Clubbing suspect pleads not guilty
Civil-rights group alleges racism
A young Vallejo man who police say bludgeoned a neighbor to death with a baseball bat at a campus area apartment complex in early February pleaded not guilty to murder charges in an arraignment held at Butte County Superior Court Tuesday.
Reigh C. Ellis Jr., 21, of Vallejo, a Butte College student, appeared slightly nervous in court, biting his lower lip and speaking in a low, soft tone when addressing the judge. Ellis had previously entered an identical plea to assault charges in the case, before the alleged victim, Randal Clark, 20, also a Butte College student, died from head trauma.
Police say Ellis had been involved in an altercation earlier on the night of Clark’s death and may have erroneously believed that Clark was involved. In fact, police say, Clark was an innocent bystander who, in response to a commotion outside, had merely stepped from his apartment to see what was going on when he was confronted and attacked by Ellis.
Now, in a case already fraught with racial overtones (Ellis is black and Clark was white), a local civil-rights group is coming to Ellis’ defense. Willie J. Hyman, president of the Butte County Coalition for Human Rights, says the accused told him in a letter written from jail that he acted in self-defense after Clark called him a “nigger” and attacked him.
“They’re trying to skip race, but this is a race trial,” Hyman said, accusing the district attorney and police of ignoring potential witnesses because they are black.
District Attorney Mike Ramsey said there was no racial component to the slaying and that witnesses—not all of them white—would testify to that effect in court.
“People are being too quick to play the race card in this case,” Ramsey said, calling the incident “alcohol-fueled” and “testosterone-driven” rather than racially motivated.
Ellis’ attorney was unreachable for comment, but he has made statements in the past that suggested the conflict that ended with Clark’s death was racial in nature.
Friends of Clark contacted by the News & Review said provoking a fight, racial or not, would have been completely out of character for a young man whom one friend called “the coolest guy in the world.”
“He was not someone to get in a fight,” said Megan Brown, who attended Butte College agriculture classes with Clark. “I’ve never seen him get violent or get in a fight. It’s not in his nature at all. He’s the type to defuse a situation. I’ve seen him do that before.”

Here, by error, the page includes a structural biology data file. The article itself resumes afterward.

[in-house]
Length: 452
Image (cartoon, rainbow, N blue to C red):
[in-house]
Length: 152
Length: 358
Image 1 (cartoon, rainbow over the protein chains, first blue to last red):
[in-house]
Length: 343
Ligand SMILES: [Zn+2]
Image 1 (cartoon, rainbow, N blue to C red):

Brown said she was disturbed and saddened by the notion that racism was somehow a factor in Clark’s death. Indeed, Brown said that Clark’s open-mindedness sometimes set him apart from the rest of his classmates, some of whom Brown characterized as holding “redneck” views.
“This is not a racial issue,” Brown said. “Randy’s not like that at all. He always tried to make people feel good about themselves.”
According to police, the trouble apparently began at a party somewhere in “The Zoo,” a nickname for the sprawling Campus Gardens apartment complex that takes up the entire block of Oak Street between West Fifth and West Sixth streets. Famous for hosting the kind of bacchanalias that Chico State University students seem to have a taste for, the complex is well-known by police, who say they respond to calls from there just about every weekend.
In the early morning hours of Feb. 9, a fight broke out at a Zoo party in which a man’s jaw was broken. Ellis was said to be involved, according to CPD detective Sgt. Dave Barrow, who also said there was nothing in the report to suggest that the original fight was racially motivated. Nevertheless, when a posse of eight of the injured man’s friends gathered for retaliation in front of the nearby Oak Street apartment where Ellis was staying, at least one of the men was heard to use a racial epithet.
“The most we developed on that was one utterance, something to the extent of, ‘This is where the ‘n’s live,’ using the slang term,” Barrow said.
The group besieged the apartment and began banging on the door, demanding that the occupants, including Ellis, come outside. The occupants declined. A window was broken, at which point the gang of eight allegedly fled the scene. According to Barrow, the police had not yet been summoned. There was no 911 call from the apartment. Though police have identified some of the members of the posse, none of them has yet been charged with a crime.
As soon as the group fled, four men allegedly emerged from the apartment. Three of them, including Ellis, armed themselves with bats and walked through an alley to West Fifth Street. Neighbors and police say that’s when Ellis came upon Randal Clark.
What happened at that point—whether words were exchanged or fighting stances adopted—will be up to a jury to decide. The police and district attorney contend that Ellis demanded Clark tell him where he could find the people who had broken his window, whereupon Clark protested that he wasn’t involved. At some point immediately following, Ellis allegedly swung his bat, and Clark fell to the pavement, never to regain consciousness. He died a week later at Enloe Hospital.
A preliminary hearing is scheduled for April 15. If Ellis is convicted by a jury, he could face more than 25 years in prison. Until then, he will remain in custody on $1 million bond.